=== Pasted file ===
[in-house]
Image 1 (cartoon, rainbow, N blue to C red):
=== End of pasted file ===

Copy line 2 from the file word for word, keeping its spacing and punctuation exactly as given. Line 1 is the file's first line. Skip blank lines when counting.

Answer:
Image 1 (cartoon, rainbow, N blue to C red):